Weekly Update (Week 8)

In Granieri’s article, it mentioned that algorithmic culture can facilitate us with new information of similar interests and preferences.  With the existing preference to provide more information in which it is believed that the reader will love to read, this is stated to be personalization.  However, it also creates a possibility that this undermines other areas of interests due to the limited boundaries set by the existing search preferences.

When I think critically about algorithmic culture, I immediately have the “fake peppa pig” BBC trending video in mind, together with the real experience which my daughter has encountered.  An aged 4 girl having very limited spelling / search capability, she can only type “peppa” or even “pig” and finally she managed to find out the fake series in YouTube.  I was surprised to see that “Toys and Funny Kids”, appearing to be a child friendly channel, has accumulated over 5 billion views.

The third blog stated about some popular educational technology support with the rise of algorithm.  Majority of the tools are new to me such as some adaptive learning systems and process intelligence tools.  However, there is still room to validate if they are good to apply in digital education in real cases.

As mentioned in Knox’s article, it reminds us to be critical enough on algorithmic culture.  Are the sources objective enough?  Do we also look into the accuracy of the algorithmic result?



Knox, J. 2015. Algorithmic Cultures. Excerpt from Critical Education and Digital Cultures. In Encyclopedia of Educational Philosophy and Theory. M. A. Peters (ed.). DOI 10.1007/978-981-287-532-7_124-1

The disturbing YouTube videos that are tricking children

from Twitter https://twitter.com/at108hk

March 29, 2017 at 11:29PM

Algorithmic culture. “Culture now has two audiences: people and machines”

from Twitter https://twitter.com/at108hk

March 29, 2017 at 11:13PM

MOOC comparison

As I have better understanding about MOOCs in this study block, I am curious to take a closer look at different MOOC providers and know about their similarities and differences.  I have found a table from mooclab.com and it is worth looking into it as a start for comparison.  It is based on MOOC users’ experience and scoring to come up with the result.  To look at the top 5 overall rating, those are the “well known” ones which you / Jeremy have recommended in the course blog, except Saylor Academy I have never heard of.  I am amazed that Coursera has accumulated 23,000,000 users and has offered over 1,800 courses!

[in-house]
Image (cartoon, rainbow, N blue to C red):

from Flickr http://flic.kr/p/SxdR4c

Weekly Summary – Implications of online community communication

online community的圖片搜尋結果

This week I continue some inputs on online communities and I focus more on how people can be facilitated with the online community communications.  In Nielson’s article, it mentioned that 90% of online users are lurkers.  Another interesting point is about his observation about the power of online communities.  It states to

– Build personal relationshipsand networks of trust.

– Bring together peoplewith common interests or profiles.

–  Engagethese specific groups of people.

Thus, in order to bring people together virtually who never met before, and majority being Lurkers, they are attracted together with common interests and they can gradually build personal networks among themselves and they become more engaged with each other.  As mentioned by xxx, Lurkers have the potential “to become a newbie, a neo or neophate”.

My input on Starbucks online community can be an example.  Starbucks is encouraging customers to give voices and contribute to their online community.  It is “less commercial” to encourage customers to interact among themselves “Because we believe marvelous things happen when you put great coffee and great people together.”  This is an excellent example to demonstrate the 3 aspects about the power of online communities.

In addition to better engagement for online community members, Vala Afshar mentioned that 67% of companies collect ideas for new products or features directly from customers.  In digital education, to what extent can people create new ideas via online learning community?  This would be interesting to explore!


Kozinets, R. V. (2010) Chapter 2 ‘Understanding Culture Online’, Netnography: doing ethnographic research online. London: Sage. pp. 21-40.

Nielsen, J. (2006).  “The 90-9-1 Rule for Participation Inequality in Social Media and Online Communities” by Neilson Norman Group


Online communities can generate new ideas!

from Twitter https://twitter.com/at108hk

February 21, 2017 at 12:29PM

Starbucks is encouraging customers to give voices to their online community

This inspires me that when people are more collaboratively connected, they will be more eager to share and this makes people to learn from each other virtually.

from Twitter https://twitter.com/at108hk

February 21, 2017 at 12:27PM